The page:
1 - Honda S2000 (AP1)
Honda broke a record when it first released the S2000 convertible sports car to the market in 1999. The 2.0-litre VTEC F20C four-cylinder became the world’s highest specific power engine with 89kW per litre when it was released (only beaten by the Ferrari 458 when it was released many years later).
Featuring Honda’s famous VTEC variable valve lift technology, which offered two cam profiles to enhance performance and economy, the engine revved to 9000rpm and produced 186kW/217Nm in JDM spec. While that might not sound like a lot by today’s standards, the S2000 would surely give an ND MX-5 a good run for its money.
An AP2 generation car was later produced with a 2.2-litre four but unfortunately engine redline was dropped in order to create better low down torque. The result was a six per cent increase in torque to 220Nm.
S2000s are still commanding high second-hand market prices despite being up to 20 years old. If you have gotten your hands on an AP1, you’ve done very well.
Worthy Watch: S2000 prototype at the Nürburgring
2 - EK9 Civic Type R
The EK9 was the first Civic to receive the venerable Type R badging, with a pumped up 1.6-litre B16B four-pot, producing 136kW/160Nm at a screaming 8200rpm. The EK9 was a Japanese-exclusive model, so to see one in Australia would be a very rare sight indeed.
Owners didn’t just get a highly strung engine. The EK9 came equipped with bright red seats, a titanium shift knob and a leather-wrapped steering wheel – accessories still found in the newest generation FK8 Civic Type R. What a great package!
3 - Honda CR-X Del-Sol
Although not the most attractive sports car to ever be released, the CRX Del-Sol made up for that with plenty of character and soul (or should I say, Sol).
The Del-Sol was the first production Honda vehicle to feature an engine which produced more than 100hp (75kW) per litre with 79kW/litre and also had a removable ‘targa’ style roof which is now most commonly seen on Porsche 911 Targas, where the roof stored away conveniently in the boot.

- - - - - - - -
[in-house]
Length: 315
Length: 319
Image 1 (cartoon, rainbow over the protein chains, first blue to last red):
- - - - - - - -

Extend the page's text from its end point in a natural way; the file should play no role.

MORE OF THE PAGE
The Del Sol featured a 1.6-litre, 16-valve B16A engine which made an impressive 127kW/157Nm at 7000rpm (VTEC kicked in, yo, at 5500rpm). For its time, the CRX Del-Sol gave the competition a good run for its money. The 4AE-GZE supercharged engine found in the E90 Toyota Corolla made just 121kW despite having forced induction.
The top spec model of the Sol was the SRi and featured mod-cons such as cruise control, disc brakes all round and additional front and rear sway bars. You can pick one of these up now for around $5000-$9000 with a lot of kilometres, but hey, they’ll still be fun.
4 - Honda (Acura) NSX R
The company later released an R version of the mid-engine sports car in 1992 which did without sound deadening, air conditioning and other niceties.
Power from the 3.2-litre VTEC V6 engine was lifted from 201kW/285Nm to 206kW/294Nm with peak power at 7100rpm which was then sent through a limited-slip-differential at the rear. NSXs were known for their addictive induction sound which would fill the cabin on wide-open throttle.
The R only built and improved on this sound dynamic to make the car even better than before.
5 - Honda S800
Part of Honda’s sports car genesis, the S800 looks like something James Bond would have driven on a Sunday afternoon with a beautiful woman by his side.
The S800 was the successor to the S600 and was available in either a coupe or roadster body style. The car was the first Honda to reach 160km/h and revved to a screaming 10,000rpm!
While its 50kW motor didn’t produce neck-snapping acceleration, the style, personality and sound of that high revving engine are enough to make it a classic. It is still cherished today by motoring clubs across the globe.
6 - Honda Civic Type R (FK8)
The newest generation Civic Type R is not just flashy body panels and a crazy wing. This car won MOTOR’s PCOTY in 2018, beating the likes of the Nissan GT-R Nismo, BMW M4, Kia Stinger and HSV GTS-R W1.
Packing a 2.0-litre VTEC turbo four-pot, the FK8 Type R is a born and bred canyon-carver, producing a punchy 228kW/400Nm. Like most Type Rs, too, you still get the signature red seats but with the added modern tech, a front limited-slip-differential and adjustable dampers standard. This car will surely become a classic in future years.
MOTOR opinion: Give the Civic Type R a chance